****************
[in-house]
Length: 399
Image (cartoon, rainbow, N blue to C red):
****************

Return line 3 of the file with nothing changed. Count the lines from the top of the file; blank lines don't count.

Image (cartoon, rainbow, N blue to C red):